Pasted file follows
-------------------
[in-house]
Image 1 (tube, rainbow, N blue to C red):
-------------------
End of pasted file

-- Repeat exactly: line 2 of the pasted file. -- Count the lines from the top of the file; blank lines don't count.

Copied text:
Image 1 (tube, rainbow, N blue to C red):